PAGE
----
MMA Executive Director and CEO Geoff Beckwith will retire on Sept. 8.

Geoff Beckwith welcomes a visitor into his office of the past two years and points out that, despite his collection of plaques, photos and memorabilia, nothing is hung up.

“I didn’t want to put any holes in the walls,” he says. “I saved that for the next person.”

After 31 years in a job that he loved, a job to which he showed unflinching dedication, Beckwith knew the day would come when he’d close the door for the last time. Still, he’s attempted to slow the pace and savor the last months and weeks leading up to his retirement on Sept. 8, the day before his 65th birthday. Many can’t wait to cross the threshold of retirement and leave all the stress and worries behind, but Beckwith talks about how perfect the job was for him, and acknowledges that he’ll continue to worry about things like local aid and unfunded mandates in the years ahead.

“It’s been the trifecta for me,” he says, referring to the key ingredients for happiness in work. “I have for decades here been able to grow in this position, and to learn, and become a better manager and leader of the staff, to help the MMA grow. I’ve evolved a lot, and that kind of growth is really important, to have someone feel wonderful about the job that they’re doing.

“I feel as though the last 31 years have been a gift, and that I have been a disproportionate beneficiary of the great work that the MMA does.”

Growth of the MMA

Beckwith first became aware of the MMA as a legislative aide in the early 1980s, when he stopped by the organization’s office on Tremont Street in Boston to “Xerox” a document and discovered that the association was “far more technologically advanced than the State House.” The MMA, founded in 1979, was in its formative years, but it was quickly becoming a force in policy discussions regarding the fiscal health of cities and towns and government reform.

“The MMA was educating legislators about the issues and the realities on the ground … in a way that was extremely powerful,” he says. “It was, I think, punching above its weight at the time.”

After earning a bachelor’s degree in political science from Boston College and working as an assistant to the Board of Selectmen in his hometown of Reading, he went on to serve three terms in the House of Representatives, where he championed a significant piece of legislation to reduce the use of toxins in workplaces. In 1990, he’d decided not to run for reelection, and instead managed a successful uphill campaign to defeat a ballot question that would have cut taxes while creating a $1 billion hole in the state budget. He was director of a work environment department at UMass Lowell when a friend and former MMA executive director, Jim Segel, tipped him off that the MMA was in search of a new leader.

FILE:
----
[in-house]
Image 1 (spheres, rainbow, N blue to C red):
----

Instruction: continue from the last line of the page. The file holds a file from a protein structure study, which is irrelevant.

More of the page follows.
Beckwith was appointed during the MMA Annual Meeting in January 1992 at age 34, and quickly came to understand the scale of the organization.

“I was whisked around the Annual Meeting, and I said, ‘Holy moly, this organization is a lot bigger than I thought.’ There are hundreds and hundreds of local officials there, multiple organizations underneath the MMA umbrella. People don’t realize how complex our organization is.

“And so it was exhilarating and a little scary to be perfectly honest. But I figured, OK, just one step at a time.”

MMA Executive Director Geoff Beckwith joins scores of local officials from across the state in calling for the passage of the Housing Choices Act during an event at the Grand Staircase of the State House in February 2019.

Communities were still reeling from the aftereffects of a major recession, and still adjusting to the fiscal constraints of Proposition 2½, which took effect 10 years earlier. Technology widely used today was either nonexistent or in its infancy — “Our power at the time was blast faxes,” he quips — so the MMA staff was routinely assembled in the conference room to process countless mailings to members.

As the workings of local government became more complex and sophisticated, so, too, did the MMA. The organization held more meetings with more member groups and broadened its educational programs, eventually leading to the launch of a wide-ranging webinars program in 2020. Its legislative portfolio grew to accommodate a broader range of emerging and vexing issues. Its communications vehicles expanded to include a robust, up-to-the-minute website, and its monthly newsletter, the flagship Beacon, has roughly doubled in size. The MMA Annual Meeting & Trade Show is twice as big as it was when Beckwith was introduced. And in 2011, the MMA launched a highly successful partnership with Suffolk University to offer professional development opportunities to local government practitioners.